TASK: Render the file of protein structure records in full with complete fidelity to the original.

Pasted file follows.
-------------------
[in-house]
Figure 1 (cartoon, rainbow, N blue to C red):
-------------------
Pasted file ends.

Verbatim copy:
[in-house]
Figure 1 (cartoon, rainbow, N blue to C red):